Reviews


Film Review: Going the Distance

An aspiring journalist and a music-industry slacker discover the many downsides of long-distance romance in this formulaic comedy, which relies too heavily on the charm of stars Drew Barrymore and Justin Long.

-By Maitland McDonagh


filmjournal/photos/stylus/147202-Going_Distance_Feature_Md.jpg

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Thirty-one-year-old Erin (Drew Barrymore), an intern at the “New York Sentinel,” let love sideline her life once and isn’t about to do it again. So while she’s game to tumble into bed with the puppyish Garrett (Justin Long), she makes it clear from the outset that she isn’t looking for lasting romance, just a little fun. She has a graduate degree in journalism to finish, a career path to stay on, and she’s going home to San Francisco in six weeks. Garrett, a low-level music-business lackey, is fine with that: Having just been dumped by another in a long string of girlfriends, he’s not looking to get his heart stomped again.

Of course, they’re so instantly adorable together that it’s a foregone conclusion that Erin and Garrett are going to fall madly in love. But Erin sticks to her guns, at least the “going home” part. So they decide to take the bicoastal-relationship route, and things quickly get complicated: Jealousy, frustration and insecurity rear their ugly heads, abetted by Garrett’s possessive pal, Box (Jason Sudeikis), and Erin’s neurotically overprotective sister, Corinne (Christina Applegate). Though Garrett’s roommate, Dan (Charlie Day, of TV’s “It’s Always Sunny in Philadelphia”), is all for giving romance the benefit of the doubt, he’s so flat-out weird that his unstinting support goes on the liability side of the balance sheet.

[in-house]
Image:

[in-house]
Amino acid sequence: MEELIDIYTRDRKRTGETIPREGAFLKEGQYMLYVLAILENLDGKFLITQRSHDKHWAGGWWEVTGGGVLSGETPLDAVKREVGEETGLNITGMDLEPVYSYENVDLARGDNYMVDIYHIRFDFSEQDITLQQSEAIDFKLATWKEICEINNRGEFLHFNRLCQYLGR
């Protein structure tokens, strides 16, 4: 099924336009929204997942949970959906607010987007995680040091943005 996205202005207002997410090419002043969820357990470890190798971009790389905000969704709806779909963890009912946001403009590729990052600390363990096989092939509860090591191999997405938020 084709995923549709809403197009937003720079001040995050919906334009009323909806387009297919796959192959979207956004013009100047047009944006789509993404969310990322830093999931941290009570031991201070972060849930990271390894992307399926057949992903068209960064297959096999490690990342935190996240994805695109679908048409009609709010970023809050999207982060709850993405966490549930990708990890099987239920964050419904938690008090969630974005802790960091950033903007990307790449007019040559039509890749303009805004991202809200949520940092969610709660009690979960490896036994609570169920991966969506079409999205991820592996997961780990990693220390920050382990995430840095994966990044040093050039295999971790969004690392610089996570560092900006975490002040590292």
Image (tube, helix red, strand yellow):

But the real deal-breaker just may be work, since both Garrett and Erin are old enough to realize that nothing harshes the buzz of playing house with your soul-mate like lingering resentment over what you gave up for the privilege. Both are willing to relocate, but Garrett is loathe to give up a job he hates that’s in the business he loves, and while Erin still dreams of working for the Sentinel, they’re laying off staffers while her hometown paper, the Chronicle, is actually hiring.

The bane of 21st-century romantic comedies is finding a plausible reason that two adults who are clearly made for each other can’t be together—plausible but not gut-wrenching like, say, terminal illness. So kudos to screenwriter Geoff LaTulippe for coming up with a believably bliss-challenging combination of geography and career concerns—most adults can see how that might torpedo a potentially fine romance. Unfortunately, the premise is the only thing that really works.

Barrymore and Long are charming individuals and make a likeable couple, but they’re not especially well-cast here: She has a sly, knowing quality that’s at odds with Erin’s flakiness, and his nerdy love of Top Gun and vintage arcade games is far more convincing than the passion for music that’s supposed to define him. But what really does the film in is that so much of its dialogue is raunchy, juvenile and painfully unfunny. American Pie-style riffs on sideshow modes of self-gratification are fine in a sex farce (especially a genuinely funny one), but they’re jarring in a story supposedly driven by faith in love’s transcendent power. Note to filmmakers: Love may make fools of us all, but fools and coarse, foul-mouthed vulgarians aren’t the same thing.